League of Legends

In a mildew-filled basement, under low light somewhere outside the United States, the next world champion athlete is practicing his moves. He’s not practicing to be the next Michael Jordan or Pelé, but rather banging away at a game controller connected to his PC or a video game console hoping to become the next Alex “Lilballz” Sung, a top-ranked hardcore gamer from China who’s earned $203,396.17 playing in five tournaments this year.

We’re still a long way from elite gamers gracing sports drink and cereal advertisements, but the live gaming industry is enormous and growing rapidly. Despite this, however, until recently, Alex and those like him would have a hard time competing in the United States. That all changed last Friday, when the United States government began recognizing players of at least one particular video game as professional athletes.

That game is League of Legends, a multiplayer online game produced by Santa Monica-based Riot Games. Through a herculean lobbying effort, the company has convinced the US Citizenship and Immigration Service (USCIS) to recognized League of Legends as a professional sport, meaning that its most elite players now qualify for Internationally Recognized Athlete visas. The news was first revealed by eSports manager Nick Allen in an interview with Gamespot.

The P-1A Visa allows players stay in the US for up to five years. As a result, international players can now join US teams, of which there are nine currently. The first player to benefit from this ruling will be Canadian player Danny “Shiphtur” Le who had been unable to compete this year in the US due to work permit complications. The ruling only applies to League of Legends at present, but it opens the door to other e-sports who can meet similar qualifications.

The threshold for recognition under a P-1A visa is that players must be able to make a living as professionals playing the game. A quick look at League of Legends’ top earners chart shows 25 players bringing in more than $50,000, with the top achievers topping $200,000 – more than enough for rent and ramen. Nearly $5.3 million has been paid out in total over 97 tournaments since League of Legends was released in October 2009, with each of these numbers rising steadily.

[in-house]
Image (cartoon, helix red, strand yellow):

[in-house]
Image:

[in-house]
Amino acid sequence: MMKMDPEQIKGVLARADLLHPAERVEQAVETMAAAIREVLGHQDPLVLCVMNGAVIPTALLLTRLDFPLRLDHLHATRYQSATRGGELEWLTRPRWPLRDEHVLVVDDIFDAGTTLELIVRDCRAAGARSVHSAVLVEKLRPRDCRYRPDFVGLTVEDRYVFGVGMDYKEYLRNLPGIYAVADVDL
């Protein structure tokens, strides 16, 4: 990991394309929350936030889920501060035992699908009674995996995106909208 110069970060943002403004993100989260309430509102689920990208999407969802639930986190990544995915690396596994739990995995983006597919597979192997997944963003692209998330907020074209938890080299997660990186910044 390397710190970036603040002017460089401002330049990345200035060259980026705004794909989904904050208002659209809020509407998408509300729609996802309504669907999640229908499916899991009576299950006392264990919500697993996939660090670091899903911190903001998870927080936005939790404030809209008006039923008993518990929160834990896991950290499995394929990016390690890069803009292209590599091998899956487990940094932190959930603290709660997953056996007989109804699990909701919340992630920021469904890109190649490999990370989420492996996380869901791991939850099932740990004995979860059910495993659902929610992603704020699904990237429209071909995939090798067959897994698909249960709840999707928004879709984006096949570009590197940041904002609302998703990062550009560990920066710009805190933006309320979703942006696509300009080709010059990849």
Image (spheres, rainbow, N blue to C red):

On October 4, Riot will host the League of Legends Season 3 World Championships. For non-gamers, this may seem like an amusing sideshow, but the venue alone should offer evidence to the contrary. The finals of this year’s event will take place at the Los Angeles’ Staples Center, an 18,000-plus person venue that plays home to the Los Angeles Lakers, Clippers, and Kings, as well as headlining world tours of musicians like Britney Spears, Bruce Springsteen, U2, and even Justin Beiber.

In an interview with gaming site Polygon, Riot Games E-sports VP Dustin Beck said, “Our viewership numbers are stronger than 80 or 90 percent of the sports covered on ESPN. In Shanghai [at Riot Games’ May, 2013 All-Star event] we had 18 million unique viewers. We are seeing growth over growth for every subsequent event that we do.” By comparison, the finals of last year’s League of Legends World Championship attracted 8.2 million unique online spectators.

Needless to say this is a big deal. Beck describes the USCIS ruling as a “watershed moment.” All hyperbole aside, while this decision won’t lead to a cure for cancer or an end to clean water problems around the world, it could very well lead to an explosion in e-sports, bringing about new league and sponsorship opportunities and generally elevating the industry in significance. Given the massive size and engagement level of the audience that League of Legends competitions command, the potential stardom of its champions is only beginning to become clear.

While hardcore gamers rejoice, there are plenty of constituencies still battling immigration regulations that will be less enthusiastic about the news. Among them are a group of US technology companies, startups, and investors who have been campaigning relentlessly for comprehensive immigration reform with the goal of attracting the best and brightest to build innovative companies in America. The US Senate passed a bill addressing this issue three weeks ago, which was widely praised within the technology community. But the bill faces tough opposition in the House of Representatives and is far from being signed into law.

E-sports may be new to the US, but it has been a major industry internationally for nearly a decade. As the concept becomes more well known stateside, expect advertisers to flock to get a piece of the pie. Other hits like World of Warcraft and Starcraft have attracted enormous global audiences for years, with the former generating more than $1 billion in annual revenue. One of the most appealing attributes of the broader hardcore gaming category is demographic concentration, namely among the highly coveted 18- to 35-year-old males audience. With less barriers to entry facing those who can participate at the sport’s highest levels, the stage is set for a stateside e-sports explosion.